Bringing a diverse body of understudied and unpublished material together for the first time, Baughan investigates the origins and cultural significance of klinai-burial and charts the stylistic development and distribution of funerary klinai throughout Anatolia. She contends that funeral couch burials and banqueter representations in funerary art helped construct hybridized Anatolian-Persian identities in Achaemenid Anatolia, and she reassesses the origins of the custom of the reclining banquet itself, a defining feature of ancient Mediterranean civilizations. Baughan explores the relationships of Anatolian funeral couches with similar traditions in Etruria and Macedonia as well as their “afterlife” in the modern era, and her study also includes a comprehensive survey of evidence for ancient klinai in general, based on analysis of more than three hundred klinai representations on Greek vases as well as archaeological and textual sources.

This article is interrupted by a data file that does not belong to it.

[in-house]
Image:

Thomas Paul Bonfiglio
Why is English synonymous with literature in the United States? At the turn of the twentieth century, literature courses were taught in the original language, and English did not signify literature any more than did French, Italian, or other modern languages. Fifty years later, English had colonized literature, and non-English literatures became configured as "foreign language study." This timely and important intervention into an on-going debate shows how the multilingual population of American faculty and students became progressively more monoglot, as did the configuration of literary studies. Thomas Paul Bonfiglio locates these changes within the anti-immigration, xenophobic, anti-labor, mercantile, militarist, and technocratic ideologies that arose in the United States in the first half of the twentieth century and recommends the return of literary studies and the humanities to their roots.